Trump rails against impeachment in speech to Texas farmers

President TrumpDonald John TrumpFederal plan to contain Washington protests employs 7,600 personnel: report GOP Rep calls on primary opponent to condemn campaign surrogate's racist video Tennessee court rules all registered voters can obtain mail-in ballots due to COVID-19 MORE lashed out at congressional Democrats over his impeachment on Sunday during an address to the American Farm Bureau in Austin, Texas.

In a roughly 45-minute speech to the crowd Sunday afternoon, Trump rattled off a list of accomplishments under his administration, including the recently-passed "Phase One" trade deal struck between U.S. and Chinese negotiators, which comes after a months-long trade war between Beijing and Washington.

“What do I get out of it? I get impeached. By these radical left lunatics. But it’s OK. The farmers are sticking with Trump," the president said, eliciting loud applause from the Texas audience.

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During the speech, Trump also lashed out at two top contenders in the Democratic primary — Sens. Bernie SandersBernie SandersOVERNIGHT ENERGY: Trump signs order removing environmental reviews for major projects | New Trump air rule will limit future pollution regulations, critics say | DNC climate group calls for larger federal investment on climate than Biden plan Google: Chinese and Iranian hackers targeting Biden, Trump campaigns Sanders: Police departments that violate civil rights should lose federal funding MORE (I-Vt.) and Elizabeth WarrenElizabeth WarrenGeorge Floyd protests show corporations must support racial and economic equality It's time to shut down industrial animal farming The Hill's Morning Report - Protesters' defiance met with calls to listen MORE (D-Mass.), whom he called a "socialist" and a "fake socialist," respectively, while also returning to his use of the nickname "Pocahontas" for Warren.

“The far left want to massively raise your taxes, crush your businesses with regulations, take away your health care," he said of Sanders and Warren, while not directing any remarks at their fellow Democratic frontrunner, former Vice President Joe BidenJoe BidenOVERNIGHT DEFENSE: Murkowski, Mattis criticism ratchets up pressure on GOP over Trump| Esper orders hundreds of active-duty troops outside DC sent home day after reversal | Iran releases US Navy veteran Michael White Davis: 72 hours cementing the real choice for November OVERNIGHT ENERGY: Trump signs order removing environmental reviews for major projects | New Trump air rule will limit future pollution regulations, critics say | DNC climate group calls for larger federal investment on climate than Biden plan MORE (D).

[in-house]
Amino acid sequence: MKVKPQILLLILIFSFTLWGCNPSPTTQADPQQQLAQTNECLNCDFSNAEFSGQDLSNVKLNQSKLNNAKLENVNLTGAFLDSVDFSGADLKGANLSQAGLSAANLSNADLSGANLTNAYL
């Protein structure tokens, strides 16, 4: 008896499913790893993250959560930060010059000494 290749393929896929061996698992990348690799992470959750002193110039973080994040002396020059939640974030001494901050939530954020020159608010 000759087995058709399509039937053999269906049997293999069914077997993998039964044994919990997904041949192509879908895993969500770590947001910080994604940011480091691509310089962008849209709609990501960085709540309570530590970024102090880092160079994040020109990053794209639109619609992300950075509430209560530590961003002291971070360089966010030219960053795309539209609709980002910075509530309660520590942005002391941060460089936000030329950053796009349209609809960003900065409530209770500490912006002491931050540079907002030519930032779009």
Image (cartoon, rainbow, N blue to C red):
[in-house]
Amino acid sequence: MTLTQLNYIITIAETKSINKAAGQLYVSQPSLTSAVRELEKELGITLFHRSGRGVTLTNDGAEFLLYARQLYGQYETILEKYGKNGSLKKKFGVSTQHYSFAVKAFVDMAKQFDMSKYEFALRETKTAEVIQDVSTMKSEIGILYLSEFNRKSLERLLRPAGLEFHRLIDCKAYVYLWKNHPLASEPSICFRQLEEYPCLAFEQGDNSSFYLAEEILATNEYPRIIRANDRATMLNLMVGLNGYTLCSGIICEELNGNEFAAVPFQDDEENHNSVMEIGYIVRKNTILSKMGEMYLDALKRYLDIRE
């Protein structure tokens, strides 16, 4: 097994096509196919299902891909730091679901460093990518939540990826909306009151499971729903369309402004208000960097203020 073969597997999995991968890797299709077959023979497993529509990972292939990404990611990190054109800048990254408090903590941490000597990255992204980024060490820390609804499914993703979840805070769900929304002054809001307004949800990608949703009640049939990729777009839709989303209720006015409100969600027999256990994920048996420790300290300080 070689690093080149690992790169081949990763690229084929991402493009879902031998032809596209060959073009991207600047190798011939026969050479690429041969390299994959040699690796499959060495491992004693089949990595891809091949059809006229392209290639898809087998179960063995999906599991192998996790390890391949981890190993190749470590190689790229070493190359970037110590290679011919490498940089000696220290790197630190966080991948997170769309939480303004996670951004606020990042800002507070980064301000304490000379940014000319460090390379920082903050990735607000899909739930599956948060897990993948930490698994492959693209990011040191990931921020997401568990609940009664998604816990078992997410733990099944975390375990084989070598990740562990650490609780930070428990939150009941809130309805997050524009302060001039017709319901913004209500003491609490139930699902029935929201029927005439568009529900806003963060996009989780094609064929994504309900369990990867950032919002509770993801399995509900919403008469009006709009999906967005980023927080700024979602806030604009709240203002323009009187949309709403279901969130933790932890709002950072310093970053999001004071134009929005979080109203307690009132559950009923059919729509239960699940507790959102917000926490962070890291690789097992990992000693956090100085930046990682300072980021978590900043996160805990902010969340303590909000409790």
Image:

The House voted earlier this month to send two articles of impeachment to the Senate, setting up a trial and a battle over whether witnesses will be called by the Senate to give testimony about the president's actions involving his efforts to push Ukraine's government to open a criminal investigation into Biden.

Trump has frequently attacked the impeachment process and attempted to cast it in a partisan light to discredit Democrats leading the inquiry. No Republican members of Congress have announces support for the House impeachment or a removal of Trump by the Senate, though former GOP congressman Rep. Justin AmashJustin AmashMark Cuban says he's decided not to run for president Amash readying legislation allowing victims to sue officers The Hill's Morning Report - Trump mobilizes military against 'angry mob,' holds controversial photo op MORE (I-Mich.) voted for impeachment.